In Hinduism, Varuna is the god of sky and waters. However, early texts, especially the Rigveda, refer to him as the god-sovereign and the upholder of cosmic and moral law. In later Vedic literature, he plays a lesser role and became associated with the celestial waters, oceans, rivers, streams, and lakes. Like most other water gods, he also dwelt in an underwater palace.

Anahita

The ancient Persian goddess of water, fertility, health, and healing, Anahita was invoked by soldiers for their survival and victory in battle. In the Avesta, she’s referred to as Ardvi Sura Anahita that translates as Damp, Strong, Untainted. She was widely worshipped during the 8th century BCE, and had several temples and shrines dedicated to her. Even after Zoroastrianism established monotheistic worship in the region, people still worshipped her until the fall of the Sassanian Empire in 651 CE.

Gonggong

In Chinese culture, Gonggong is the water god who bumped into Mount Buzhou and caused a flood disaster. He’s often depicted as a black dragon with a human face, and appears in the writings of the Warring States era. In the stories about him, his anger and vanity caused chaos, especially the war between him and Zhurong, the god of fire. In Huainanzi, he’s linked with the mythical emperors of ancient China, such as Yu the Great and Shun.

Ryujin

The sea god and master of serpents in Japanese mythology, Ryujin is regarded as the bringer of rain and storms. He’s also associated with another water deity named Watatsumi. He was thought to appear in people’s dreams, and in the moments of waking up. In several myths, he’s portrayed as a protagonist, a kind ruler, or even an evil force.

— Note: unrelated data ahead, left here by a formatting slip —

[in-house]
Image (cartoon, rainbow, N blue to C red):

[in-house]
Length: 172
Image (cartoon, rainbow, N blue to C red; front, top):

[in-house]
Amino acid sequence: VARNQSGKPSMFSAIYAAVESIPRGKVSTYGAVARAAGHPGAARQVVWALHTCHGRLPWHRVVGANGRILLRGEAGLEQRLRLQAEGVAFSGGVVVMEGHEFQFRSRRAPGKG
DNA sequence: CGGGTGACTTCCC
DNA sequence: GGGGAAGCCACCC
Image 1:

Tangaroa

In Polynesian and Maori mythology, Tangaroa is the god of the ocean and the personification of all fish. In some regions, he’s known as Tangaloa and Kanaloa. As the controller of the tides, he was invoked by Maori people, especially fishermen and seafarers. However, his role varied as he was often fused with family or local deities. In the Samoan Islands, he was regarded as the chief god and creator of the world.

Tlaloc

The Aztec god of the waters, rain and lightning, Tlaloc was widely worshipped throughout Mexico around the 14th to 16th centuries. His name comes from the Nahuatl words tlali and oc that means earth and something on the surface respectively. When depicted in murals, he resembles a jaguar, wearing a mask with bulging eyes and long fangs.

Tlaloc’s companion was Chalchiuhtlicue, the goddess of rivers, lakes, and fresh waters. He was the ruler of the mountain gods associated with water, and dwelt at the Tlalocan, the otherworldly paradise of the dead victims of storms and floods. He was also feared because he could bring rain, unleash hurricanes, and even provoke drought. Worship of Tlaloc included feasts, fasting, and human sacrifices.

Wrapping Up

Water plays a central role in many religions and cultures around the world. There are many gods associated with the sea and with natural phenomena such as great floods and tsunamis. Today, we appreciate the mythology built around these water gods as insights into what life was like over thousand years for the ancient civilizations.

Tags: